Wednesday, November 21, 2007
We wanted to provide some brief ideas to help her, and anyone else, cope with addiction and the effects on families.
Understanding these effects can help you make better choices.
Even loving parents often let go of their addicted child at some point, after years or decades. They might stop asking about your life because they are afraid of being given more to worry about.
They refused to give you money or a place to stay because you have abused their love and kindness in the past. You have given them many reasons not to trust you; a proven track record of distrust.
Addiction can make good people turn to lying and stealing from family members. Family members separate from you as a way to maintain their own emotional health.
Don’t let anger and frustration derail your efforts at recovery.
Accept that it will take time for them to even begin to trust you again. Focus on getting your life back on track rather than proving to them that you are trying.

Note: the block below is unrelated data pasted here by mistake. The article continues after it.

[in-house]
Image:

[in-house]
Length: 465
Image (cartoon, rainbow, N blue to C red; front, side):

That means your recovery has to be the priority in your life, even when no one is watching you.
The bitter reality is that an addict can spend years complaining to the family about how difficult recovery is so they don’t have to really dig in and do it.
We can’t blame others when they become fatigued while dealing with our distorted lives. We all have a limit to our endurance, even Mom and Dad.
Of course this is oversimplifying the process. Many pieces of the puzzle need to be in place to maintain a healthy recovery plan.
We need to recognize that life can always get better but we must make an effort to get there. The first piece is deciding to be responsible for your life and what happens to you from this day forward.
Ask for what you need; people want to help.
Saturday, November 10, 2007
- Master Yoda
These following brief comments are related to a recent conversation with someone who is not a client of Insight Associates. She said she was addicted to drugs and alcohol and other behaviors as well.
She was most concerned with her damaged relationship with her family including her parents, siblings, and her own children. Her treatment history included stays at drug rehab facilities and occasional efforts at maintaining a counseling relationship.
When pressed for my opinion about her need to return to inpatient rehab, I said that it was a good idea, but another question was even more important. Are you ready to take charge of your life?